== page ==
In online Defense of wholesale a Liberal Education online

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CNN host and best-selling author Fareed Zakaria argues for a renewed commitment to the world’s most valuable educational tradition.

The liberal arts are under attack. The governors of Florida, Texas, and North Carolina have all pledged that they will not spend taxpayer money subsidizing the liberal arts, and they seem to have an unlikely ally in President Obama. While at a General Electric plant in early 2014, Obama remarked, "I promise you, folks can make a lot more, potentially, with skilled manufacturing or the trades than they might with an art history degree." These messages are hitting home: majors like English and history, once very popular and highly respected, are in steep decline.

"I get it," writes Fareed Zakaria, recalling the atmosphere in India where he grew up, which was even more obsessed with getting a skills-based education. However, the CNN host and best-selling author explains why this widely held view is mistaken and shortsighted.

Zakaria eloquently expounds on the virtues of a liberal arts education―how to write clearly, how to express yourself convincingly, and how to think analytically. He turns our leaders'' vocational argument on its head. American routine manufacturing jobs continue to get automated or outsourced, and specific vocational knowledge is often outdated within a few years. Engineering is a great profession, but key value-added skills you will also need are creativity, lateral thinking, design, communication, storytelling, and, more than anything, the ability to continually learn and enjoy learning―precisely the gifts of a liberal education.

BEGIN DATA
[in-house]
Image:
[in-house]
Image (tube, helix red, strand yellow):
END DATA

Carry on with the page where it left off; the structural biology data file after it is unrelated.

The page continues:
Zakaria argues that technology is transforming education, opening up access to the best courses and classes in a vast variety of subjects for millions around the world. We are at the dawn of the greatest expansion of the idea of a liberal education in human history.

Review

"Smart."
Nicholas Kristof, New York Times

"An accessible, necessary defense of an idea under siege."
New York Times Book Review

" In Defense of a Liberal Education brilliantly and provocatively argues that the university is much more than a vocational school. The flight from the liberal arts is leaving us impoverished. Zakaria''s book couldn''t have come at a more valuable moment."
Malcolm Gladwell

About the Author

Fareed Zakaria is the host of CNN’s flagship international affairs show, Fareed Zakaria GPS, as well as weekly columnist for the Washington Post, and the best-selling author of The Post-American World and The Future of Freedom.

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4.5 out of 54.5 out of 5
493 global ratings

Top reviews from the United States

P.W.A.
4.0 out of 5 starsVerified Purchase
Great short read, but not 100% convincing
Reviewed in the United States on June 2, 2018
Technically, I give this book a 3.5 score. I did like it and it was worth the time. It''s well written and it''s short. The case Zakaria argues is simple: is college worth it? For the most part, he has some good ideas and evidence of college grad value. However, it''s just not... See more
Technically, I give this book a 3.5 score. I did like it and it was worth the time. It''s well written and it''s short. The case Zakaria argues is simple: is college worth it? For the most part, he has some good ideas and evidence of college grad value. However, it''s just not quite enough to convince me that it should be held in such high esteem.